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"...public opinion deserves to be respected as well as despised" G.W.F. Hegel, 'Philosophy of Right'

Senate does its job « Previous | |Next »
June 26, 2003

So the Senate stood firm last night on Senator Harradine's amendment to Alston's Media Bill. In doing so they blocked the formation of two giant newspaper/television groups in Australia.

I missed the debate. I was at a seminar on urban renewal and development.

The Hansard record is here,( June 25, scroll down to p. 12175) Senator Bob Brown reads Paul Keating's witty and acerbic reply to Eric Beecher into Hansard after Crkey.com reported that the Sydney Morning Herald refuses to publish it. (p.12178).

The Senate rejected the Howard's Government's Media Bill because they judged that this legislation would have permitted a Rupert Murdoch and Kerry Packer snatch and grab that would give them overwhelmingly control of Australia's media. The Senate did so by voting in favour of Senator Harradine's amendment.

As Margo Kingston puts it that amendment:

"...was simple. No proprietor would be permitted to own a television station and a newspaper in a mainland capital city. Without that amendment, Rupert Murdoch could have bought a television network, adding to his dominance of our print media. Kerry Packer could have added Fairfax to his Nine Network. These men are the wealthiest, most powerful and most feared men in Australian life. Their power is so great that successive Prime Ministers have sought to curry favour with one or both of them in the hope that with their help they can retain government. It is very rare for either main party to reject their demands."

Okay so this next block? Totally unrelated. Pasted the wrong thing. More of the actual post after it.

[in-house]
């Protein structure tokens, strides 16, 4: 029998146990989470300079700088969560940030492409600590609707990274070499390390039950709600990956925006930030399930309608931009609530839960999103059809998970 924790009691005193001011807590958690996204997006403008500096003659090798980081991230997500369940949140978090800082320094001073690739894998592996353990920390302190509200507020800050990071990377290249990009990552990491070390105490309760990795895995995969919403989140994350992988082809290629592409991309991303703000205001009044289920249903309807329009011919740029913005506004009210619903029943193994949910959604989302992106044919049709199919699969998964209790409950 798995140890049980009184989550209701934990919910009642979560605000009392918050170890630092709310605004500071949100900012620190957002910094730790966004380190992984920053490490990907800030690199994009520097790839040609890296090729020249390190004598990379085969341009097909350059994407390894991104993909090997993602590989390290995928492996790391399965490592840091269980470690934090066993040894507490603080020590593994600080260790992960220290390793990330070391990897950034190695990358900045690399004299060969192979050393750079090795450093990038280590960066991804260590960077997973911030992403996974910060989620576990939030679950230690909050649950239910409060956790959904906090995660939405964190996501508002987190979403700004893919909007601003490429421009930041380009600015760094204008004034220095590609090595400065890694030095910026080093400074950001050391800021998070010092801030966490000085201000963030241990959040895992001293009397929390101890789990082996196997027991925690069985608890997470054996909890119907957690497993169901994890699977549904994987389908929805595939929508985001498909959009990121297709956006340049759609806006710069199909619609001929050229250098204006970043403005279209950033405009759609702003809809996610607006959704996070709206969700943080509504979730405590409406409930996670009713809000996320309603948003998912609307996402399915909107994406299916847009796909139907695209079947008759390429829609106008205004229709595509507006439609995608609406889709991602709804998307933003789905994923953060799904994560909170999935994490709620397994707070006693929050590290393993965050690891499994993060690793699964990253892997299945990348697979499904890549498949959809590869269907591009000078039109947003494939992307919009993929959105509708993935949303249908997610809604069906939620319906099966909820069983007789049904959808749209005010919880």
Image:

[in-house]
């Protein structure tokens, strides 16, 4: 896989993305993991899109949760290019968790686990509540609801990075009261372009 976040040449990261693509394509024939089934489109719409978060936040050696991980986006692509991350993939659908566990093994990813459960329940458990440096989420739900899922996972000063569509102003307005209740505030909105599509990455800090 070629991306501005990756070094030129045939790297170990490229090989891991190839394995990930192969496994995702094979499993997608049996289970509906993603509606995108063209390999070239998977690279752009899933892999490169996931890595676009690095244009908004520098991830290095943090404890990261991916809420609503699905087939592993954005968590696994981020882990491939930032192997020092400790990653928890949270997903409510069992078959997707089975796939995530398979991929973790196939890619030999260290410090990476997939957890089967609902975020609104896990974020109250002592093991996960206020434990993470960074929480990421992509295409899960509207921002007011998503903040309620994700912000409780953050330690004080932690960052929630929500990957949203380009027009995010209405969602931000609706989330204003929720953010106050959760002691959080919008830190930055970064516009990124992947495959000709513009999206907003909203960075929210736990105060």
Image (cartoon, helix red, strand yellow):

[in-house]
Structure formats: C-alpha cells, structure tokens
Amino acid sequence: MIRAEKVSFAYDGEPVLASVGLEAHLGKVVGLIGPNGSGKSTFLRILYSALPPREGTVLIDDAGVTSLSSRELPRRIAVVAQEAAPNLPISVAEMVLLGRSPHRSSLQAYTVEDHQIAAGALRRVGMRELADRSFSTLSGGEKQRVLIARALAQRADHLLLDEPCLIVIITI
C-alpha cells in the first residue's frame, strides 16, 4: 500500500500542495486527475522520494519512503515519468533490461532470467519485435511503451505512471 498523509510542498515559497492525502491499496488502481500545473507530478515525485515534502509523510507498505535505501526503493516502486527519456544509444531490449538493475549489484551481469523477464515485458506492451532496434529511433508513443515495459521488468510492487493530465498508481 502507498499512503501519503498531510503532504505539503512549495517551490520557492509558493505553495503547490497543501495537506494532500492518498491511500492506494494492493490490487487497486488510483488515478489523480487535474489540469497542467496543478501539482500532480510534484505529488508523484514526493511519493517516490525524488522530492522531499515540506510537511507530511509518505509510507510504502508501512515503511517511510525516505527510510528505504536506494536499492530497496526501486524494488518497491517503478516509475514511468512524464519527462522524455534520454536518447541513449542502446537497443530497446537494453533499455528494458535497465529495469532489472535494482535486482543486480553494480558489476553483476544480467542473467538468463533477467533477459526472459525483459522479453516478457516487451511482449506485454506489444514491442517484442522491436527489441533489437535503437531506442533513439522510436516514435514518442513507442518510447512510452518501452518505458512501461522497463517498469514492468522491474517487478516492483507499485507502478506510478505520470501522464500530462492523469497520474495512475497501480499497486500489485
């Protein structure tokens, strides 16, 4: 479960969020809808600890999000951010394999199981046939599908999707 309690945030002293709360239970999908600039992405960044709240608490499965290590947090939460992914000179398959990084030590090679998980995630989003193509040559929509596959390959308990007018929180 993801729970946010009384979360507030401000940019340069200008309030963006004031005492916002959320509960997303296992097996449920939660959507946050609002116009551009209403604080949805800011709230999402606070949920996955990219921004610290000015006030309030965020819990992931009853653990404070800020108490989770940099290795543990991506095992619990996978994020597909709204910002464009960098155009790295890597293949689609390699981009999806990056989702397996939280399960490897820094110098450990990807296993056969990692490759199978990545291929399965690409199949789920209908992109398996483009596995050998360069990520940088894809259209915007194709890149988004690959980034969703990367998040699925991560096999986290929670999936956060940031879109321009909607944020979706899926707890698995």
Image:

Why stand against Packer and Murdoch? Harradine states the case:

"...my position is not a secret. My entire approach to this issue has been guided by the importance of media diversity: preserving independent sources of news and information to meet community needs. The media is essential to the operation of democracy. Without a range of opinions through TV, radio, newspapers and other sources, it is hard to make an informed judgement about what is happening in government. An equitable system of media regulation would enhance the diversity of news services, ensuring that the market is more open so that new providers can provide other voices."

Harradine puts his finger on the issue:

"I can't accept that letting the big players make large cross-media purchases to form a combined newspaper and TV group is in the interests of the general public. It might be in the interests of media groups - but it's not in the interests of the broader community."

The tone of the debate was heated. Alston never addressed the issue raised by Harradine's amendment even though Alston has had it on his desk since March. He engaged in political polemic. All 4 Independent Senators stood firm. (p.1287)

So much for the Senate being a feather duster in relation to executive dominance or to the big media corporations standing behind the executive.

| Posted by Gary Sauer-Thompson at 11:36 AM | | Comments (0)
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